This webpage contains two videos that show climate visualizations created by super computers. Both videos show climate changes that may occur during the 21st Century due to human activities based on IPCC science.

This is the first of nine lessons in the "Visualizing and Understanding the Science of Climate Change" website. This lesson is an introduction to Earth's climate and covers key principles regarding Earth's unique climate, atmosphere, and regional and temporal climate differences.

In this activity, students compare carbon dioxide (CO2) data from Mauna Loa Observatory, Barrow (Alaska), and the South Pole over the past 40 years to help them better understand what controls atmospheric carbon dioxide. This activity makes extensive use of Excel.

One of a suite of online climate interactive simulations, this Greenhouse Gas Simulator uses the bathtub model to demonstrate how atmospheric concentrations of CO2 will continue to rise unless they are lowered to match the amount of CO2 that can be removed through natural processes.

This graph, based on key ice core data sets and recent monitoring programs, shows the variations in concentration of carbon dioxide (CO2) in the atmosphere during the last 400,000 years.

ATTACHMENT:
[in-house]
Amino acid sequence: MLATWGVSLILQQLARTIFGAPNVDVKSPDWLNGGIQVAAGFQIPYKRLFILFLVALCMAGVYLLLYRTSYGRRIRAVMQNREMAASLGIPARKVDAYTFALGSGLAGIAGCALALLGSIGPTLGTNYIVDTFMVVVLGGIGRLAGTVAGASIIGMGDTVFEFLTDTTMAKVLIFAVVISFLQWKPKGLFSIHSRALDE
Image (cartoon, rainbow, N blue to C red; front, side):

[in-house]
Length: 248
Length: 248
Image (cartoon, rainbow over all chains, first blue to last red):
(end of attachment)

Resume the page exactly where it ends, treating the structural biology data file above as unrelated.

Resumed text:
This NASA video explores the relationship between climate and agriculture, including the variability of climate change impacts that may occur in different regions and the effects of population growth and higher demands for food in areas that already struggle to supply food for the people. The video highlights the need for accurate, continuous, and accessible data and computer models from NASA satellites to track and predict the challenges farmers face as they adjust to a changing climate.

In this activity learners investigate the link between ocean temperatures and hurricane intensity, analyze instrumental and historical data, and explore possible future changes.

This engaging activity introduces students to the concept of albedo and how albedo relates to Earth's energy balance.

In this video, a PhD Student from the University of Maine explains how ice cores are used to study global climate change.

Students investigate passive solar building design with a focus on heating. Insulation, window placement, thermal mass, surface colors, and site orientation are addressed in the background materials and design preparation. Students test their projects for thermal gains and losses during a simulated day and night then compare designs with other teams for suggestions for improvements.

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